Rescuing a moho pererū/banded rail

Department of Conservation —  23/03/2020 — Leave a comment

A banded rail recently found dazed and confused in the Coromandel has been released back to its home after being cared for by a retired vet nurse from the Kuaotunu Bird Rescue Trust.

It all started when Anne Betty, a local from Little Bay came across a moho pererū/banded rail stumbling around seeming a bit dazed and disoriented at the back of her property one afternoon.

Moho pererū/banded rail found dazed and confused

The following morning it was actually bumbling around right by her front porch, so she was able to quickly pick it up and take it inside. Moho pererū are usually quite a shy bird and not easy to catch, they are found sparsely throughout New Zealand, usually in wetlands, mangroves and salt marshes. 

After taking the bird inside, Anne got in contact with Annemieke from the Kuaotunu Bird Rescue Trust who is a retired vet nurse. She cares for injured birds in her own time out of passion and the goodness of her amazing heart. Our local Coromandel DOC staff have a good relationship with Annemieke as people sometimes drop injured birds off to our office and they are passed onto her to for care.

As soon as Annemieke got the call, volunteer driver Neville went and picked up the injured bird. Once it arrived Annemieke couldn’t find any external injuries to explain the bird’s behaviour so she placed it in a space where it could be observed. She noticed a slight irregular gait (walking abnormality) as well as the head slightly tilting to the left. It also sometimes tripped over while walking forwards.  

Moho pererū/banded rail being cared for by the Kuaotunu Bird Rescue Trust

Annemieke suspected it could have been hit by a car or some other impact injury so it was treated with anti-inflammatories and pain relief in case of head or spinal bruising/ injury. The current drought could also have caused increased bacterial growth, like avian botulism bacterium, which if birds are exposed they can display similar symptoms. The banded rail was given fluids by crop tube before it was given any medication. This continued twice daily.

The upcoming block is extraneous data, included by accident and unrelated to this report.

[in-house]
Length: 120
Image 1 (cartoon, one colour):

On the second day the rail needed more running space so the bird was put into an outside aviary. The bird returned to normal really quickly and was eating and drinking regularly. It was soon nicknamed Speedy Gonzales. 

“Speedy'” was taken back to the DOC base a few days later and Ranger Troy released it back to Little Bay. A happy outcome for all, go well Speedy!


Moho pererū/banded rail are a native bird that inhabits wetlands throughout New Zealand. Find out more on the DOC website: doc.govt.nz/banded-rail

If you find sick, injured or dead wildlife you can ring the DOC emergency hotline 0800 DOC HOT (0800 362 468). Bird rescue centres can also be found around the country. Find out more: birdrescue.org.nz/rescuing-a-bird/

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